by Maria Giulia Manzione
Artificial Intelligence (AI) refers to “the ability of a computer or machine to mimic the capabilities of the human mind”. The concept of AI was introduced in 1950 by Alan Turing in the article Computing Machinery and Intelligence where he described a test (now known as the Turing Test) to determine if a computer is able to think as a human being. AI means creating algorithms — a list of instructions and rules that a computer needs to follow in order to solve a problem — to make decisions and draw predictions from data. But that is not a passive process, as AI algorithms can learn from new data and improve over time. The progress of AI’s applications in our lives, from social media to self-driving cars, has been unprecedented.
In 2010, a team of scientists and engineers as well as machine learning and policy experts founded DeepMind, the most famous AI company developing AI systems that are able to predict eye diseases from routine scans, reduce energy use for data centre cooling, improve accuracy and efficiency of breast cancer screening and much more. However, the most exciting achievement of DeepMind’s team has been the recently improved version of AlphaFold(AlphaFold2), an artificial intelligence algorithm able to predict protein structures.
Proteins are essential elements of all living cells. In humans, all biological, neurological, and metabolic functions involve countless proteins. All proteins are made of amino acids that, during protein synthesis, initially form a single chain, called a polypeptide. Then, in 85% of the cases, the amino acids chain folds into a unique three-dimensional (3D) structure that determines how the protein will function and, sometimes, where the protein will be localized in the cell. Mis-folded proteins are the cause of severe diseases associated with improper cellular localization of the protein (e.g., cystic fibrosis), toxic protein aggregates (e.g., Alzheimer’s disease), and cell shape alteration (e.g., sickle cell anemia). Therefore, knowing the structure of a protein is extremely important not only to understand and study the biological function of the protein but also to develop drugs that can restore the protein’s structure.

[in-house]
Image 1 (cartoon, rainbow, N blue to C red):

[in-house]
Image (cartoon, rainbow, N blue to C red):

During the past 50 years, researchers have been struggling to solve the 3D structure of proteins using expensive and time-consuming techniques such as X-ray crystallography — a method to determine the three-dimensional structure of proteins from the diffraction pattern of electromagnetic radiation (X-rays) passing through crystals of the protein. That process can take up to 1 year and costs more than 100,000 dollars. In contrast, highly advanced computational methods could be helpful to solve protein structures faster and with high accuracy.
In 1994, Professor John Moult and Professor Krzysztof Fidelis founded the Critical Assessment of protein Structure Prediction (CASP), a worldwide biennial competition (like the Olympics of protein folding) where a group of researchers create algorithms to predict the structure of proteins for which another group of scientists determine it experimentally. Then, the “computational” and the “experimental” structures are compared and scored. When the score is close to 90 it means that the prediction is equivalent to the experimentally determined structure. In 2018 (CASP13), and again in 2020 (CASP14), DeepMind’s AlphaFold outperformed with the highest degree of accuracy in predicting the 3D structure of more than 100 proteins. The results of CASP14 are expected to be published in 2021.
Animation from DeepMind's blog post on "AlphaFold: Using AI for scientific discovery"
During the past summer, the team of DeepMind has improved AlphaFold algorithms even further to face the challenges of solving SARS-CoV-2 protein structures. DeepMind has recently announced that AlphaFold could give an accurate prediction for the experimentally determined SARS-CoV-2 spike protein structure. And more will come.
AI emerges as a fast and cost-effective approach to solve the structure of a thousand proteins. It will be one of the most powerful tools for scientists and it will accelerate drug discovery to tackle severe diseases, including COVID-19. Some already predict (and hope) that progress in AI might lead to a Nobel Prize in the future.
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